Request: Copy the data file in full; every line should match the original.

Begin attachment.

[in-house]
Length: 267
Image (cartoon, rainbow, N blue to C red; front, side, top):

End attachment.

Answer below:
[in-house]
Length: 267
Image (cartoon, rainbow, N blue to C red; front, side, top):